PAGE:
Palin’s public image obscures solid policies


I have a problem with Sarah Palin, though not the same problem that most of the media does.
She and I currently are at odds because I spend too much time trying to defend not her Republican message but her public image.  And it seems like she spends much of her time doing the same.
During the 2008 election, and until recently, I’ve been a believer in Palin’s persona.  She was every liberal’s public enemy number one, which I absolutely loved.
She mixed up the system, took the George Bush folksiness to a whole new level and she’s from Alaska.
These are things that do American politics justice.
Our system needs a Sarah Palin because she isn’t the typical Washington policy wonk.
It’s refreshing, but at the same time, it’s exhausting trying to defend her political image as opposed to her politics.
For the most part, her policy ideas are solid.
They generally reflect the ideas of the Republican leadership, which I think are beneficial to our country.
However, her public performances make me cringe at times.
It’s almost like looking at the hashbrown casserole served at Brooks and picking out the first bite.
You know the bite is there, it just takes some thinking before you dive in.
Nonetheless, I don’t believe Palin’s policy ideas are what get her in trouble.
It’s when she tries to articulate them.
Take the recent situation with Palin’s target map the media got so crazed over.
SarahPAC, a political action committee formed  by Palin, created a map with 20 “targets” for Republican takeover in the 2010 mid-term elections.
Depicted on the map were those districts under the crosshairs of a gun-sight.
One of those 20 districts was Arizona’s 9th District, represented by Gabrielle Giffords, who was wounded during the shootings in Tuscon, Arizona.
The rhetoric of target districts in campaign politics has been around forever.  Target rhetoric is not limited to politics either.
We see that rhetoric in different sports.  We see targets used to describe media audiences and business practices.  In politics, targets are used regularly and by both parties.  It’s an unfortunate coincidence that Gabrielle Giffords’ district was one of those 20 targeted districts.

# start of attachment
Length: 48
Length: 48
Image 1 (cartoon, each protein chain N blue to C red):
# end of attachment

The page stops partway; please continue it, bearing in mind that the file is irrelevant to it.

The intent of the map was not literal; it was figurative and political.  Targets for politics, not targets for blood.  I’m hesitant to believe Jared Loughner’s actions were because he took the SarahPAC’s advice literally.
Some looked at Palin’s political tactics as a possible source of Loughner’s motivation.  Media outlets interpreted the target map as part of a wave of heated rhetoric in America.

It’s true that the rhetoric exists, but it isn’t by just one party, it’s from both.
For the media to say Jared Loughner’s main motivation was political rhetoric would be simple-minded.
Palin’s statement following the tragedy in Tucson wasn’t matter-of-fact.
In dismissing media claims, she could’ve cited  obvious points in her favor.
But instead, she used the classic I-know-you-are-but-what-am-I route.
Another definite moment of cringing.
Palin took to blaming the media for their “blood libel” in their coverage of the tragic events.
It was not the best political move to make, considering the circumstances.
Palin was correct in the sense that the media was politicizing the event which, consequently, made the rhetoric even more bitter between our people.
But calling it “blood libel” in an address the day after a victim’s eulogy?
Considering the historical significance of the term “blood libel” and its ties to anti-semitism and Nazism, this was another big cringe moment for me.
I think Sarah Palin’s message is solid, but how she says it makes me wonder.
The media  doesn’t focus on her ideas, they focus on her delivery.
It’s a catch-22 for Palin.
She’s popular because of her delivery and despised for it at the same time.
Here’s my advice to Palin: keep the folksy persona.
It’s refreshing.
But refine your delivery.
It will greatly benefit the Republican party, and maybe even help your chances in 2012.